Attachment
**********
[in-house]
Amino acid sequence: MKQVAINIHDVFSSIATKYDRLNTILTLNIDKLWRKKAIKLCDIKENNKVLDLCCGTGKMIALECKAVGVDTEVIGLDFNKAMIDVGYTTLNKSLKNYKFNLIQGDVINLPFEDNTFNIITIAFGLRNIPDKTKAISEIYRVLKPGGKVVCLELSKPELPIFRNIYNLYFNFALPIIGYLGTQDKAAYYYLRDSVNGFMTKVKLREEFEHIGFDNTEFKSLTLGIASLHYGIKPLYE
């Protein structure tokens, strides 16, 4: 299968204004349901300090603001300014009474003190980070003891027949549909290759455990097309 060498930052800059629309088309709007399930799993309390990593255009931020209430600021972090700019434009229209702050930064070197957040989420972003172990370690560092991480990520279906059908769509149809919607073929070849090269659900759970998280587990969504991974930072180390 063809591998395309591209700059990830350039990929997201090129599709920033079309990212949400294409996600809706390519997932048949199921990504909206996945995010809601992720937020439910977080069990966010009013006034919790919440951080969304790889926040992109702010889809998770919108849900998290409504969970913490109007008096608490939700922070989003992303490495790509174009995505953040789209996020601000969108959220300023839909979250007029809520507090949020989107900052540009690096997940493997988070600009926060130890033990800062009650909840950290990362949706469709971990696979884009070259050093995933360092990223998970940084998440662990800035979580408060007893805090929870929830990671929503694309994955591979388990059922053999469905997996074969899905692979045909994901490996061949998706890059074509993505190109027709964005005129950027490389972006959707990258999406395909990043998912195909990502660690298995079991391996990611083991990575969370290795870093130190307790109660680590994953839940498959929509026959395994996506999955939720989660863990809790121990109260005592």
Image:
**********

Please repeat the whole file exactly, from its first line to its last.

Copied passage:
[in-house]
Amino acid sequence: MKQVAINIHDVFSSIATKYDRLNTILTLNIDKLWRKKAIKLCDIKENNKVLDLCCGTGKMIALECKAVGVDTEVIGLDFNKAMIDVGYTTLNKSLKNYKFNLIQGDVINLPFEDNTFNIITIAFGLRNIPDKTKAISEIYRVLKPGGKVVCLELSKPELPIFRNIYNLYFNFALPIIGYLGTQDKAAYYYLRDSVNGFMTKVKLREEFEHIGFDNTEFKSLTLGIASLHYGIKPLYE
């Protein structure tokens, strides 16, 4: 299968204004349901300090603001300014009474003190980070003891027949549909290759455990097309 060498930052800059629309088309709007399930799993309390990593255009931020209430600021972090700019434009229209702050930064070197957040989420972003172990370690560092991480990520279906059908769509149809919607073929070849090269659900759970998280587990969504991974930072180390 063809591998395309591209700059990830350039990929997201090129599709920033079309990212949400294409996600809706390519997932048949199921990504909206996945995010809601992720937020439910977080069990966010009013006034919790919440951080969304790889926040992109702010889809998770919108849900998290409504969970913490109007008096608490939700922070989003992303490495790509174009995505953040789209996020601000969108959220300023839909979250007029809520507090949020989107900052540009690096997940493997988070600009926060130890033990800062009650909840950290990362949706469709971990696979884009070259050093995933360092990223998970940084998440662990800035979580408060007893805090929870929830990671929503694309994955591979388990059922053999469905997996074969899905692979045909994901490996061949998706890059074509993505190109027709964005005129950027490389972006959707990258999406395909990043998912195909990502660690298995079991391996990611083991990575969370290795870093130190307790109660680590994953839940498959929509026959395994996506999955939720989660863990809790121990109260005592």
Image: